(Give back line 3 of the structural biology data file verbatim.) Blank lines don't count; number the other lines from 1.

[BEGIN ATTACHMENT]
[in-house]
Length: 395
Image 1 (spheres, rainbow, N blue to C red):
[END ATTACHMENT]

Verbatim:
Image 1 (spheres, rainbow, N blue to C red):